World mill use to rise again in 2005/06

U.S. cotton producers — and, indeed, cotton farmers everywhere — would like to see cotton futures move out of the 40-cent range where they seem to have been stuck for most of the last 10 months.

That may not happen right away, but USDA economists speaking at the Department's annual Agricultural Outlook Forum in Arlington, Va., offered hope for some price improvement in the months ahead.

Besides predicting that world cotton production could drop by 14 million bales to 103 million bales for the crop that will be planted in 2005, the economists said world cotton consumption could rise 3 percent from 2004/2005's record 105.8 million to 109 million bales.

“World cotton consumption made one of its most decisive upward moves ever in 2004/2005, reaching an estimated 105.8 million bales and capping a six-year run that has seen world cotton consumption grow by 25 percent,” said James Johnson, an agricultural economist with USDA's Foreign Agricultural Service.

“This increase is all the more startling for having followed a decade that saw cotton consumption essentially unchanged between 1988 and 1999. During the last decade, cotton consumption has grown 2.1 percent annually compared with a 1.7 percent average rate over the last 40 years.”

Johnson says USDA is forecasting that world cotton consumption grew 7.5 percent in 2004/2005.

“Strong world economic growth is boosting consumer demand, especially in the developing Asian economies, at the same time that large global supplies are depressing cotton prices — cotton prices are lower both in absolute terms and relative to polyester.”

A large portion of that increase is due to the acceleration of growth in cotton spinning in China, which now accounts for 35 percent of world cotton consumption or 37.5 million bales in 2004/2005. China's mill use has risen 75 percent during the last five years.

“China's 2005/2006 cotton consumption will continue to expand faster than world average growth rates as the elimination of trade barriers provides improved access to foreign textile markets, and rising incomes support growth in demand by Chinese consumers,” Johnson says. “Consumption is forecast at 41 million bales, a 9 percent increase from the estimated 2004/2005 level.”

Although cotton producers would like to see another 7.5 increase in world cotton consumption in 2005/2006, Johnson says it probably won't be that simple because of a number of as yet unforeseeable events.

For openers, world GDP growth in 2005 and 2006 is expected to slow compared with 2004, but remain above average. World growth in 2004 was the strongest since the 1970s, rising 5 percent, according to the International Monetary Fund. It could slow to 4.3 percent, but that would be stronger than the rate for 2001/2003.

Real GDP growth in the United States is expected to reach 3.5 percent in 2005 and 3.1 percent in 2006 while that of the European Union is forecast at 1.9 and 2.1 percent and in Japan, 1.5 and 2.0 percent. China's staggering GDP growth could continue at rates of 8.2 and 7.6 percent while India's could reach 6.3 and 6 percent.

Johnson notes that cotton prices dropped 26 percent in real terms last year, and economists typically have observed a relationship between cotton prices and consumption after a one-year lag.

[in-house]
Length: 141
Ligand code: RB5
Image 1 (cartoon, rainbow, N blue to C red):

“Consumption in 2004/2005 behaved counter to the intuition, rising despite a 22-percent price inflation-adjusted increase during the year before,” he said. “This does not necessarily rule out a lag between cotton price and consumption changes, but it does suggest caution in assuming 2005/2006's consumption will receive a significant boost from this year's decline in prices.”

Looking at previous significant gains in mill use suggests a pattern, Johnson says. Since 1970, only five other years have seen an expansion in global cotton consumption on a par with 2004's.

“In three of those years, the preceding year's consumption shrank; thus, it seems reasonable to assume that inventory demand was responding significantly to changes in income growth, and the significant increase was partly a function of the previous year's decline.”

On average, he said, in the years just before these high growth years, world consumption fell on average by 0.3 percent. In the year after the high growth years, consumption typically grew at a below average rate, except for the mid-1980s when two high growth years followed consecutively.

Global income patterns will be relatively favorable for cotton consumption in 2005/2006, says Johnson, although not quite as favorable as in 2004/2005. And lower prices should also help boost consumption.

“The outlook for cotton's share of household fiber consumption is positive in North America and Europe, since the end of the Multi-Fiber Arrangement quotas should reduce prices and increase consumption,” he notes.

For producers and merchants, China's continued growth is projected to boost imports in that country and the world significantly.

“China's consumption is forecast to exceed production by 14 million bales and, with limited stocks to draw upon, the shortfall will have to be supplied by imports, currently forecast at 14.5 million bales or an increase of 60 percent from the 2004/2005 estimate.

“Similarly, world trade is also expected to rise to a record 38 million bales,” he added. “Strong imports will provide opportunities for many of the world's cotton exporters, including the United States, to reduce surplus stocks accumulated in 2004/2005.”

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